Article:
>>>>> the user's identity could exfiltrate that information to
>>>>> third parties. For purposes of giving it a name, let's call
>>>>> this a hypercookie injection attack ("hyper" since it exists
>>>>> in a space completely inaccessible to the application).
>>>>> (2) Even if path elements are not allowed to say anything, a
>>>>>  mechanism to allow endpoints to add integrity-protected
>>>>> signals to their traffic presents a surface for coercion
>>>>> attacks. An access provider can force a user to tag traffic
>>>>> with their user ID or some other token (a signed assertion
>>>>> that an advertisement has been viewed to the end, or maybe
>>>>> even just straight-up bitcoins) in order to get "better"
>>>>> connectivity, or even any connectivity at all. A more
>>>>> classically Orwellian dystopian variant of this attack has a
>>>>> government requiring citizens to tag all their outgoing
>>>>> traffic with some government-issued identifier. Let's call
>>>>> this a hypercookie coercion attack.
>>>>> I am less concerned about the surface PLUS presents to these 
>>>>> attacks than those who have raised the concerns in the BoF
>>>>> and on the mailing list, because the current Internet
>>>>> architecture is already quite vulnerable to them. As I said
>>>>> during my presentation last Thursday, Ted Hardie and I sat
>>>>> down to think about this at lunch a couple of months ago, and
>>>>> found six ways one could execute hypercookie injection or
>>>>> coercion today before our pizza showed up.
>>>> Wrt injection I can buy that totally. Having read your draft I 
>>>> don't find enough there to accept your assertion wrt coercion
>>>> - ISTM that coercion attacks have not been analysed yet in
>>>> your draft.
>>>> As a side-note, meta-data doesn't have to be person-specific to
>>>> be controversial - "over 18" and anything with similar
>>>> semantics, e.g. "member of <this> minority" can very clearly be
>>>> equally or more damaging, yet totally non-identifying if the
>>>> relevant set of folks is large enough. So I wonder if the
>>>> "hypercookie" concept is even the right starting point here.
>>>> And to the extent that PLUS could enable and standardise such
>>>> things, that is, for me, a major reason to oppose PLUS. (That's
>>>> a side-note for this email, but perhaps a quite fundamental
>>>> thing to consider in the overall discussion.)
>>>>> I sat down a little longer to write these up. I found five
>>>>> more, without even considering trivial out-of-band metadata
>>>>> leaks or steganographic side channels. 
is the result. The conclusion: these attacks are trivially easy to
>>>>> execute today by exploiting the gap between valid TCP
>>>>> traffic and what will be ignored by TCP-indifferent devices
>>>>> and endpoints, as well as all those juicy bits IPv6 gives
>>>>> you. Unless we're willing to rely on the widespread,
>>>>> altruistic deployment of stateful TCP firewalls to reject
>>>>> traffic (I think we can use our experience with BCP38 as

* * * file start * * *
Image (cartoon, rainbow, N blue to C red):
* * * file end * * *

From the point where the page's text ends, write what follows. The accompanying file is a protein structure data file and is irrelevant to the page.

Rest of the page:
>>>>> guidance as to how well *that* will work, and in any case I
>>>>> think it would be kind of rich for me of all people to
>>>>> recommend throwing more TCP-meddling middleboxes into the
>>>>> mix) the only way I can see out is to add integrity 
>>>>> protection to all transport and network-layer headers, as
>>>>> well as confidentiality protection to those headers the path
>>>>> does not need to see.
>>>> I don't agree. Observatories seem to me like a mitigation that
>>>> your draft does not consider. If the attacker here does not
>>>> want to be seen to be attacking, then those can be effective.
>>>> Should we standardise a method for such abuse, then I think
>>>> it's quite possible the attacker may argue that their behaviour
>>>> is not an attack as it's just a part of "the standard."
>>>> Such a mitigation could be attempted against the attack in
>>>> 4.1.3 of your draft for example so I disagree with the draft's
>>>> assertion that "no user-initiated mitigation is possible" in
>>>> that case at least and maybe others.
>>>> I think it'd be a fine thing to see further analysis of the 
>>>> attacks and potential mitigations as your draft develops.
>>>>> This is, of course, the whole point of PLUS. We can and
>>>>> should have a discussion of what the endpoints should be able
>>>>> to say, and what the endpoints should be able to let the path
>>>>> say. But if we're concerned about this attack, the general
>>>>> approach is AFAICT the only way out.
>>>> I disagree. And I think it was clear that a whole bunch of
>>>> folks in the room last week also clearly disagreed.
>>>> I believe your "only way out" conclusion isn't logically
>>>> justified as the argument seems to ignore the downsides of
>>>> standardising and thus legitimising "bad" behaviour including
>>>> behaviours that your draft properly calls an attack.
>>>> Frankly, I was and remain puzzled by SPUD/PLUS. ISTM that we
>>>> have different sets of sensible folks reaching diametrically
>>>> opposed conclusions based on the same facts and arguments.
>>>> Perhaps the tl;dr in your abstract may be a hint there - I do
>>>> not think everything is ruined myself, so maybe one's level of
>>>> opt/pess-imism affects one's view of the valid conclusions to
>>>> reach in this space.
>>>> Cheers, S.
>>>>> Cheers,
>>>>> Brian
>>>>> _______________________________________________
>>>>> Privsec-program mailing list 
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>>>> list